Insights in the EHL Campus Passugg

June 28, 2019 •

5 min reading

Insights in the EHL Campus Passugg

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Inside the new hospitality management campus at EHL Passugg

In Passugg, a group of journalists including this writer had the chance to look behind the scenes of the leading Swiss hospitality management school. Once a spa hotel, the main building on the EHL Passugg campus serves as practice grounds for the 350 students from 30 nationalities, the majority of whom are Swiss.

Apart from simulating a four-star hotel, the students also run five restaurants. There is an Asian restaurant, or "Da Fortunat" which serves local fare. "Campigiana" is a typical lobby bar, "The Essence" is classic French cuisine and "The Market" is a self-service food hall. Under the supervision of executive chefs, students are in charge of the kitchens and the service at the in-house eateries.

In a late-night study session, Ms. Tabea Rosenkranz practices her skills in making Crêpes Suzette. She will go on to enter SwissSkills, a competition for talented apprentices:


The school hotel offers 140 single and double rooms. And the new Bachelor Village contains 20 additional housing units.

Bachelor in International Hospitality Management  See business through customers’ eyes. Enter the job market with a leader’s  perspective.  Discover how we train our students to put customers first.  Discover

About affective hospitality in the hotel industry

With its long tradition and five-star reputation, you would think that Swiss hospitality management is set for a successful future. But while excellent service, culinary arts or stewarding will continue to be instructed, Switzerland’s hospitality schools are thinking into the future.

EHL has made it their mission to instruct a new generation of hospitality management students. During a presentation at the Passugg campus, EHL faculty explain that it is all about connecting to the individual guest on an emotional level. This is believed to create long-lasting bonds and memories which translate in repeat visits.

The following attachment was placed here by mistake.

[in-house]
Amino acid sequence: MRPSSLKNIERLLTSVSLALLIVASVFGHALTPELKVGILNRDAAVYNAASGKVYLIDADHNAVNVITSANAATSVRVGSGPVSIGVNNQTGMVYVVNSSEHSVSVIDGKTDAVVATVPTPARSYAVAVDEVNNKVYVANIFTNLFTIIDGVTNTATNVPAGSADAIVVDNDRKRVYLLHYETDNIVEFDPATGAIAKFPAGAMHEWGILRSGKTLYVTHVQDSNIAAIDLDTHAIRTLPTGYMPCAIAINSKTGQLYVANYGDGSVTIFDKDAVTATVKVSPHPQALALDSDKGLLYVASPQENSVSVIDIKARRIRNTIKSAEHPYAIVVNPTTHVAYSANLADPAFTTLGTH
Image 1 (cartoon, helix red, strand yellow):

"The more our world turns digital, the more our guests will seek emotional experiences," explains Mr. Hartmann.

Affective hospitality is about teaching their students communication skills, emotional intelligence and a sixth sense. A savvy host will be able to anticipate and identify needs of their guests, even long before they do. In their capacity as “stage directors”, hosts would then push all the right buttons and offer a bespoke solution to their guest.

In hotels, affective hospitality translates to creating a surprise or a luxury experience. I still remember times when a host has surprised me. These were “wow” moments that formed a lasting, positive memory about the place and the time.

As I visit some of the world's top hotels, I often deliberate about my personal definition of luxury. For me, luxury is a moment where all my needs are met, where I can feel completely at ease, and where my mind allows for curiosity to enter. In this state of mind, there is no telling what the next experience will be - all options remain open. And a skilled host will read my mind and suggest ideas before they have entered my consciousness...

In this respect, affective hospitality is all about experiences. It is about delivering small and big surprises to guests and therefore creating positive emotions. In our instant world of social media, experiences are the new currency. We are innately eager to share these surprising moments and thus, I believe that affective hospitality is a conduit to creating brand awareness for hotels and restaurants.

Help! I got trapped in a class on insect food...

Students enjoy insights into all kinds of topics, from sustainable cooking to beer pairing and: insect food. Today happens to be their excursion into insect foods, and I find myself in the middle of it!

The class is presented by Melchior Füglistaller of Essento, a young Swiss start-up in insect foods. The company want to less than to create a revolution in eating habits by helping us overcoming our fears. With insects requiring a fraction of the water needed to grow meat (1 liter vs 15’000 liters per kilogram), it really is the logical next step for our western diets.

Worldwide, more than two billion people already eat insects on a daily basis, such as in Mexico, Zimbabwe or Thailand. But I still have a mental hurdle when it comes to chewing grasshoppers.

The recipes that the students are fixing today showcase the various ways of preparing insects. In some cases, whole insects are clearly distinguishable, thereby creating a sort of eating experience. And in others, the insects are used as ingredients such as meal worm flour.


As the founder, editor and community manager of Newly Swissed, Dimitri owns the strategic vision. He is passionate about storytelling and is a member of the Swiss Travelwriters Club.

Dimitri loves discovering new trends and covers architecture, design, start-ups and tourism.


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Founder, editor and community manager of Newly Swissed

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